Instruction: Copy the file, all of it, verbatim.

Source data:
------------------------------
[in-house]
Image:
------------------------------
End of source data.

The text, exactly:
[in-house]
Image: